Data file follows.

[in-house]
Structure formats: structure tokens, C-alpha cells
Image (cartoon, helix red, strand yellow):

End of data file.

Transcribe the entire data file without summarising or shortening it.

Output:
[in-house]
Structure formats: structure tokens, C-alpha cells
Image (cartoon, helix red, strand yellow):